She was my mother’s father’s sister, one of three. As you can see, Emma was an artistic soul, at a time and in a place where that was unusual. The time was the late 1800’s or early 1900’s, and the place was a teeny-tiny farming community on the Manitoulin Island – a community of hard-working, God-fearing, good people. “Haweaters”, they still proudly call themselves, and I’m just as proud to be descended from them.

Emma was a “difficult” girl. She was not exactly… dependable. Her moods were sometimes… erratic. Her actions often confused people.

Sometimes, she could be extremely morose. Depressed. Her family worried over her. At other times, she became violently angry, and frightened them. There were days that she was giddy, and loud, or just plain “odd”. There were also days, and weeks, and probably whole months at a stretch that she was just plain “Emma, herself”, and they would be relieved and nervous at the same time, wondering which Emma would be there next, and hoping by some miracle that her “fits” had passed for good this time.

My mother believes, now, that Emma might have had Bi-Polar Disorder, or what at one time was called Manic Depression. I think my mother might be right, but that was an unheard-of condition way back then. And I’m guessing you have a pretty good idea where Emma ended up.

It must have been a difficult decision, sending her away. Committing her to an asylum. The Nut House. Booby Hatch, Funny Farm, Loony Bin. Horrible, terrible names, I know. Back then, though, they were horrible, terrible places to be “institutionalized” – places where, if you were shut up into them, whether by your family, or by a magistrate, you would be shut up with other people that may very well have started out with troubles similar to yours, but over time had really been driven literally mad. By the time you met your fellow inmates, most would be dangerous, psychotic, unrecognizable versions of themselves. And you would probably end up the same way. And back then, they almost never let you out.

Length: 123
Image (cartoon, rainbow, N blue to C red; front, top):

Emma’s sisters, Marjorie and Lavinia, would go and visit her when they could afford the trip to Toronto. Sometimes, she didn’t care if she saw them or not. Maybe during those times, she didn’t realize who they were. But there were also visits when Emma was “Emma, herself”, her perfectly normal “self”, the sister they loved. Those visits were especially hard for Marj and Vine, because Emma would cry, and beg them to please, please, just let her come home. She hated it in the asylum. The other patients frightened her. She was going crazy. Please, please, just take her home. But they couldn’t take her home, and they would have to say good-bye and leave her in that awful place, alone.

After awhile, they didn’t visit anymore.

Emma died some time during the Great Depression. My mother doesn’t know if she was still in that asylum or not, but she was still in Toronto when she died. No one had any money then. No one could afford to travel.

There was a man who came from the Manitoulin, who lived in Toronto at the time. He saw Emma’s obituary in the newspaper, and recognizing the family name, he decided to go to the funeral. He knew Emma’s people, and he wanted to give his condolences. He wasn’t able to.

He was the only person there.

Not-So-Random Song for the Day: “Eleanor Rigby” – The Beatles

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Oh Mother...!

Jimmy Prentice & the Radio

Philco_Radio_1941
Philco Radio, 1941

Jimmy Prentice was somewhat of a local oddball, to hear my parents talk. I don’t know if he actually had a home, or not. My mother talks about how sometimes, just before dinner was set to be “lifted”, Gramma would be looking out the kitchen window, and say, “Better put another plate on,” and they knew Jimmy was walking across the field.